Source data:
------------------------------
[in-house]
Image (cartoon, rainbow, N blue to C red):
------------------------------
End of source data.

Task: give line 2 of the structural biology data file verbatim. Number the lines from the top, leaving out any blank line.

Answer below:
Image (cartoon, rainbow, N blue to C red):